With the first exhibition game of spring training scheduled for later in the week, the Tampa Bay Rays continued organized full-squad workouts on Monday, February 24, at Charlotte Sports Park in Port Charlotte, Florida.
The consistently successful team, led by two-time American League Manager of the Year Joe Maddon, has impressively reached the post-season in four of the past six years. Falling to the Boston Red Sox in last year's divisional round of the playoffs, Tampa Bay hopes its 2014 club can return to the World Series for the first time since 2008.
Such confidence is reflected by a boosted payroll that enabled the return of critical players, such as pitcher David Price and first baseman James Loney, who many expected to depart in the offseason due to financial constraints.
Despite a handful of new names spread across the facility's four practice fields, including closer Grant Balfour and catcher Ryan Hanigan, the team's current version of spring training resembles the routines that worked well in years past.
With players hitting the diamond under cloudy skies around 10:00 a.m., a brief team meeting with Maddon and the coaching staff began the workout, which was immediately followed by the disbursement of an enlarged roster among the four fields.
Defensive drills were initially practiced, as players could be seen chasing liners in the gap and hitting the cut-off man on the throw to the infield. While some pitchers tossed lightly on bullpen mounds, a series of hurlers threw against live batters during the two-hour practice.
Pitchers receiving substantial time on the hill on Monday included the 2012 Cy Young Award winner Price, 24-year old Mike Montgomery, and vaunted prospect Nate Karns, acquired earlier in the month in a trade with the Washington Nationals.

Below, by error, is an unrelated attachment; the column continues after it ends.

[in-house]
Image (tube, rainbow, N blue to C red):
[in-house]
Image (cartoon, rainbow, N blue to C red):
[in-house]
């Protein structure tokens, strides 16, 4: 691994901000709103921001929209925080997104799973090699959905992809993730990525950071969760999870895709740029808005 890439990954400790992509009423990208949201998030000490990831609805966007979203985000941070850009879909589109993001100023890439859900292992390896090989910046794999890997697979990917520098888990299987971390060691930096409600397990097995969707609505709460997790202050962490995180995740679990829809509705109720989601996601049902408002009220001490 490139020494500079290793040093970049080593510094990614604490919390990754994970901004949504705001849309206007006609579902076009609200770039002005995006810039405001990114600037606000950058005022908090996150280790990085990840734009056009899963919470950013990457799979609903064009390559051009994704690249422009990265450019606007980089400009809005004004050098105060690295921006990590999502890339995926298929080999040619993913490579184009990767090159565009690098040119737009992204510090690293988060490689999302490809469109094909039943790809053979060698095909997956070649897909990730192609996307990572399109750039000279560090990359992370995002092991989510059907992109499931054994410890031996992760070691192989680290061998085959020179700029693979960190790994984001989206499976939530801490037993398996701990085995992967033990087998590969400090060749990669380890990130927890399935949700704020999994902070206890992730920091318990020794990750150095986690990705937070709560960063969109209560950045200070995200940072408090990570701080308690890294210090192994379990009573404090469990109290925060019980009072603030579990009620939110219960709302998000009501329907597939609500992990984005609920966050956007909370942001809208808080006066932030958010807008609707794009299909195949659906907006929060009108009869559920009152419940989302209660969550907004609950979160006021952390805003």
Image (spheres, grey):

Sharpening the skills of the offense, batters additionally took swings against soft tossing from coaches and a pitching machine. Hackers seen crushing baseballs in the cages included All-Star third baseman Evan Longoria, outfielder Desmond Jennings, utility man Sean Rodriguez, and South Korean infielder Hak-Ju Lee, who hopes to make his MLB debut in 2014.
A lighter moment occurred when Montgomery brushed Matt Joyce with an inside pitch in the cage. With General Manager Andrew Friedman watching, it was quickly apparent the outfielder successfully shook off being hit, when an teammate loudly chided, "So that's why you showed up with an extra layer this year."
Entering his sixth season with Tampa Bay, the left-handed hitter from nearby Armwood High School may be a bit beyond his usual 200-pound playing weight.
Yet, such intra-squad frivolity, combined with meaningful workouts on the field, is very purpose of baseball's long-standing tradition of spring training.
Moving from field-to-field, Rays players shagged fly balls, jogged, stretched, and drilled diverse situations like bunting. After two hours on the diamond, the practice gradually concluded, and most players made their way to the locker-room by noon.
With several hundred fans in attendance, the emphasis shifted from observing heroes to procuring autographs. Players graciously interacting with fans -- and signing eagerly -- included second-year pitcher Chris Archer, 2013 A.L. Rookie of the Year Wil Myers, and veteran catcher Jose Molina.
Hoping for continued pleasant weather, the team resumes practice tomorrow, in preparation for the spring's first game on February 28, when the Rays will welcome the Baltimore Orioles to Charlotte Sports Park for a 1:05 p.m. contest.
Jeffrey Briscoe is the Fort Myers Outdoor Recreation Examiner and covers a diversity of fun topics in Southwest Florida. For a closer look at Tampa Bay Rays spring training, be sure to check out the "Photo Gallery" above.